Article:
LONDON (Reuters) - The expiry of the June contract for Brent oil futures in Europe on Thursday will possibly be the most watched event in oil markets for some time after the U.S. benchmark plummeted below zero for the first time in history last week.
The coronavirus pandemic has killed oil demand as over four billion people are in lockdown and last week, ahead of its contract expiry, U.S. West Texas Intermediate (WTI) futures crashed deep into negative territory making it a liability for anyone holding it.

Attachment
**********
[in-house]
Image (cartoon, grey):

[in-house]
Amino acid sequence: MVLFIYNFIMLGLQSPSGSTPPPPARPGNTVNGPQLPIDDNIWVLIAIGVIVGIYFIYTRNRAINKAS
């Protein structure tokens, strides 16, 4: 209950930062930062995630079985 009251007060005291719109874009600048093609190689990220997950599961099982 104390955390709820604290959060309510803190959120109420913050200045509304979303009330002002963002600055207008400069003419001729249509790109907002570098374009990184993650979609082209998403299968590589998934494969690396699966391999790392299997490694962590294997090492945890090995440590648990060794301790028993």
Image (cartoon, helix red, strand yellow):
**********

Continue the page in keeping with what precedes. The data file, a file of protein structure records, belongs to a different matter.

Analysts and investors have been wondering if the same will happen to Europe’s Brent oil futures, but most agree that while there are no technical obstacles for the contract going the same way, it is hard to see why it would.
Brent is considered to be the international marker by the oil industry as it is linked to seaborne crude so has fewer storage limitations than WTI, which is settled against a major landlocked storage site in Oklahoma.
Brent is run by the Intercontinental Exchange (ICE) in Europe and other crudes are unofficially pegged to it, so there is more vested interest in keeping it stable.
Nevertheless, last week, ICE said it was ready to switch mathematical models, from Black-76 to Bachelier, to settle contracts at negative prices if needed.
Reporting by Julia Payne;Editing by Elaine Hardcastle